How to Create a Beer Marinade
As the weather begins to warm up and you spend more time outdoors, the memories of barbecues from summers past may spring to mind.
Now that it’s no longer treacherous to spend time outside, now is the perfect time to once again fire up your grill for the season.
Beer fans have found that beer marinade not only has great flavor, but works well with many different types of meat, as well as other meatless options. The beer marinade also assists in tenderizing the food, which is another reason why it makes a great marinade for your meat or tofu.
The following article from Wise Geek outlines the best ways to make a beer marinade that works with any meal theme. Whether you want to create a Hawaiian barbecue, or if you prefer the zest of Mexican food, one of the following recipes of beer marinade is sure to please your taste buds.
How Do I Choose the Best Beer Marinade?
Folks who like to tip a frosty beer on a sizzling afternoon are also likely to enjoy meat that has gone swimming in a good beer marinade. The best beer marinade depends entirely upon taste. Some like their steaks, chicken, or other meat with a bit of caramelized sweetness, while others prefer it with a little heat.
Serious beer drinkers no doubt have a favorite or two, likely from a microbrewery. Soaking a rib eye, chicken breast, or pork chop in an deeply flavored dark beer or a light, bright pale ale not only tenderizes the meat by breaking down collagen, but it soaks right in and adds subtle flavor that brings out the taste of the meat. Less expensive beer tenderizes just as well, but the flavor might not be as pronounced.
Beer marinade works just as well with scallops, shrimp, and heartier fish, such as sword or tuna steaks. Even tofu or tempeh can take a beer bath, so vegetarians needn’t feel deprived. The trick is timing; red meat can handle a soak of several hours or even overnight. Pork needs less time in the drink, and chicken only needs to marinate for a few hours. For seafood and nonmeats, a half hour or so is sufficient.
There’s nothing difficult about putting together a beer marinade. It can be as easy as just pouring beer over the meat or as complex as the cook desires. A simple beer marinade for red meat might include minced ginger and garlic, a few shakes of tamari or soy sauce, and a little sweetener, such as honey. For those who like a tomato barbeque flavor, a little ketchup or barbeque sauce works fine. Minced herbs such as cilantro or basil add a nice touch.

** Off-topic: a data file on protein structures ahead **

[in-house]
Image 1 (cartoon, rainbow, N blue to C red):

Pork chops and pork sausage are extra yummy when marinated in beer with lots of minced ginger and a jar of orange or mixed-fruit marmalade. If there’s no marmalade on hand, the wise cook can use a can of cranberry sauce instead. Some garlic and finely minced onion adds zest, and a few drops of hot sauce make this marinade perfect for anyone who goes for the burn.
Chicken runs the risk of drying out when it’s grilled or broiled without marinating first. A 3:1 mix of beer and salad oil will keep even skinless chicken breasts moist. This marinade likes a couple of squirts of lemon or pineapple juice as well. Chop some herbs, and it’s done.
An outstanding marinade for fish and shellfish includes both beer and tequila, to which a good amount of salad oil has been added. Lime juice is a must for this marinade as well as cumin, cilantro, and garlic. For true south-of-the-border flavor, some jalapeno pepper adds heat.
Experiment with different ingredients to create your own unique beer marinade. Beer, barbeque sauce, ketchup, mustard, and brown sugar is one classic way to make a beer marinade that helps tenderize red meat and chicken.
It can be fun idea to sample beer marinades made with various types of beers. Perhaps you can spend some time choosing drastically different beers and invite your friends over for a beer marinade taste test.
Oftentimes, a pale beer, such as Corona, will work just fine as a base to your beer marinade. On the other hand, more robust beers can help add an extra dimension to your beer marinade. Wheat beers and pale ales work well with chicken, while Guinness tastes great on steaks. Just be careful that if you choose to use a hoppy beer, do not marinate for too long or the food become bitter.
Fortunately, at Julio’s Liquors, we carry such a wide selection of beers, so you can try just about any beer type for your marinade recipe. If you have any questions about creating your own beer marinade, our staff would be happy to help you pick up the right ingredients. We also offer a selection of other marinades and have an entire aisle dedicated to hot sauces. You will be in beer marinade heaven as soon as you set foot in the door.
What is your favorite beer to use in a beer marinade? We’ve love to see your comments below!